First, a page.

With the goal of achieving insights into the mechanisms of PRC2-dependent transcriptional regulation, we decided to investigate if the trimethylation of H3K27 influences other posttranslational modifications of the histones. To do this, we used Suz12
KO mouse ES cells as a model system for global loss of H3K27me3 and quantified by SILAC mass spectrometry, the relative changes of a large number of other histone modifications. We grew Suz12
KO ES cells (12
) for 6 days (equal to approximately 15 population doublings) in a media that contained heavy-isotope-labeled lysine (Lys8) and Suz12
WT ES cells in media containing light-isotope-labeled lysine (Lys0) (A, left panel). The histones were purified from these cells and analyzed by nanoLC-tandem mass spectrometry to determine the relative abundance of all histone modifications in the two cell lines. The technical aspect and the overall results of this analysis are described in a separate manuscript (32
). Interestingly, this analysis showed that the most significant posttranslational change of the histones in the Suz12
KO ES cells, apart from the global loss of H3K27me2 and H3K27me3 [A and (32
)], was a significant increase of H3K27Ac (A, right panel). This observation could suggest the existence of a posttranslational switch between the acetylation and methylation of H3K27 controlled by PRC2.
Figure 1. Loss of Suz12 induces H3K27 hyperacetylation. (A) (left panel) Coomassie-blue staining of SILAC-labeled histones purified from light-isotope-labeled (Lys-0) WT ES cells and heavy-isotope-labeled (Lys-8) Suz12 KO ES cells. Nanolc-tandem mass spectrometry (more ...)
To validate the mass spectrometry results, we performed western blot analysis using antibodies specific for H3K27me3 and H3K27Ac on histones purified from WT and Suz12
KO ES cells. In agreement with the mass spectrometry data, loss of Suz12 results in a significant increase of global H3K27Ac and a loss of H3K27me3 (B). This result was confirmed in an independently isolated Suz12
KO ES cell line (12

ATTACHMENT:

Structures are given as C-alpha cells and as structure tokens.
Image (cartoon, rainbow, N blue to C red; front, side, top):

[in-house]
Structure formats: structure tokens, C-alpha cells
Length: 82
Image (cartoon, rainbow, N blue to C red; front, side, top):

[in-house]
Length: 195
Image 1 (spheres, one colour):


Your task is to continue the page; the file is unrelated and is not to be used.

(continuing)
) (C), strongly suggesting that the increased H3K27Ac levels are a specific consequence of Suz12 loss.
These findings highlight the possibility that the switch between H3K27 methylation and acetylation may play a role in the transcriptional activation that follows displacement of PcG proteins from promoters. Furthermore, they may suggest that preventing H3K27 acetylation could be part of the mechanism by which PRC2 controls transcription. In order to obtain further evidence that this switch occurs specifically at the promoters of PRC2 target genes, we tested the H3K27Ac levels at the Olig1
) in WT and Suz12
KO ES cells by ChIP analysis. Consistent with the results presented in B and C, loss of Suz12 results in a specific increase of H3K27Ac of the Olig1
The global increase of H3K27Ac in Suz12
KO ES cells suggests that the PcG proteins antagonize an H3K27 acetyltransferase activity. Thus, we tested if re-expression of Suz12 in the KO ES cells could restore wild type levels of H3K27 posttranslational modifications. To do this, we inactivated the gene-trap cassette (12
) by CRE-mediated excision of the splice-acceptor site situated upstream of the β-galactosidase-neomycin cassette. Western blot analysis of Suz12
KO ES cells before and after CRE expression demonstrated that the inactivation of the gene-trap cassette restores physiological level of Suz12 expression (E). Importantly, western blot analyses on histones purified from the same cells demonstrated that the re-expression of Suz12 restores global H3K27me3 levels and, at the same time, decreases H3K27Ac to levels comparable to those observed in WT ES cells (E). Taken together, these results strongly suggest that the PcG proteins prevent H3K27 acetylation of target genes.
Next, we wanted to analyze if loss of other components of the PRC2 complex also leads to increased global levels of H3K27Ac. To do this, we analyzed the H3K27me3 and H3K27Ac levels in ES cell lines lacking different components of PRC2. Western blot analyses of histones purified from either WT or Suz12, Eed and Ezh2 KO ES cells demonstrated that all the PcG subunits of the PRC2 complex are essential for H3K27 trimethylation (A). Moreover, loss of H3K27me3 leads to a global increase of H3K27Ac in all the different PRC2 KO ES cell lines (A). Finally, ChIP analyses in Suz12 and Eed KO ES cells showed that H3K27Ac is specifically increased at the Olig2 promoter when compared to WT ES cells (B), confirming the results presented in B and D.
Figure 2. PRC2 activity regulates H3K27Ac levels. (A) Western blot analyses of histones purified from WT, Eed−/−, Suz12−/−, Ezh2 conditional (Ezh2 loxP/loxP) and Ezh2−/− ES cells using the indicated antibodies. H3 (more ...)